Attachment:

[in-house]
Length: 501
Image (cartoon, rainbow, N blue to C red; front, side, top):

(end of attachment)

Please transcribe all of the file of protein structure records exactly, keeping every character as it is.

[in-house]
Length: 501
Image (cartoon, rainbow, N blue to C red; front, side, top):